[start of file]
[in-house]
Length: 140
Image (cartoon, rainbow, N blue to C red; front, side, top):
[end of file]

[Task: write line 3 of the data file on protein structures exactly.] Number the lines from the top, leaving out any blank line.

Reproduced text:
Image (cartoon, rainbow, N blue to C red; front, side, top):